There’s a lot of really exciting stuff in the pipeline for Tinder Foundation in 2016, including our work to improve the already wonderful Learn My Way. Our team are working really hard to develop the next generation best possible learning platform for our users and I really can’t wait to see the finished product. We played a game in the workshop section of our AGM which involved coming up with an idea to explain the internet to an alien race. The new Learn My Way is going to be so great that if we sent it up into outer space in a rocket, it would definitely be able to teach aliens about computers, the internet and all the wonderful benefits they can bring.


Again a big thank you to our network, our board and to the Tinder Foundation team for just being awesome. Keep doing what you do, because you are truly brilliant at it. Here’s to another year of fun!

Digital Revolution and a gateway for change

Last week was Tinder Foundation’s fourth annual Digital Evolution conference and a broad range of thought leaders, policy makers and community organisations came together to discuss how we can work together and continue to build and sustain our digital nation. I can’t believe the day is over again for another year but I believe it acted as a real gateway for change – an opportunity for the digital inclusion practitioners in attendance to express their opinions, share their experiences and gain new ideas on how they can contribute to our digital future.

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Our vision

In the last five years we’ve helped more than 1.7 million people. Our vision – the vision of Tinder Foundation – is a world where everyone benefits from digital. But like I said on the day, it’s not actually about digital inclusion. Those words make people think of technology – this is a revolution about people. It’s about transforming people’s lives and building a stronger economy. What we’re all doing is working together to create digital fluency; creating people with basic digital skills and internet confidence. I feel like we really put this message across on the day and I hope those in attendance feel inspired to rally the troops and power forwards.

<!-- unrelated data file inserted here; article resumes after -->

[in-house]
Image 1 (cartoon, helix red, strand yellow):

In my afternoon speech I made it very clear that Tinder Foundation, no matter what happens, will stick to the knitting. Our vision is digital inclusion for socially excluded people. The people who are left behind are the poorest and most vulnerable in society and we want to make sure they have the skills – employability, financial literacy, or even digital health – to improve their lives. We are not going to give up. Even it it falls out of fashion we’re still going to do it. Our network of community partners are a big club with a shared vision and we’re all doing this because we want to – because we believe in it.

Revolution, not Evolution

Four years ago, when we were planning our very first conference, I wanted to call it Digital Revolution, but the team wanted to make it a bit more ‘user-friendly’. To this day I still find it appropriate. The whole point of a revolution is about working together. Many voices united is stronger and more powerful than one voice alone. If we continue to work together to create our digital nation, we can make a real and visible difference. We can’t be complacent here – we need change.

It was Tinder Foundation’s birthday on Tuesday 1 December and we’ve come so far in the last four years – but there’s still much work to be done. The Autumn Statement and Spending Review took place on the same day as our conference and it brought some welcome news; news that will help us continue our revolution – an additional £450 million has been allocated for the Government Digital Service. I can’t wait to see what will be achieved with this cash injection. I’m sure it will be a lot.

Thank you

I’d like to say a very big thank you to everyone who attended Digital Evolution: Building a digital nation, thank you to all our partners, and thank you to our network of community partners. It’s the work they do that happens on the ground that really makes a difference. Thank you to all of our speakers and panellists on the day and especially thank you to Maggie Philbin for chairing. You were wonderful.

I can’t wait to see where we are and how many people our collective efforts have helped by 2016’s conference. Please keep doing what you’re doing, because together we can make a real difference. Until next year …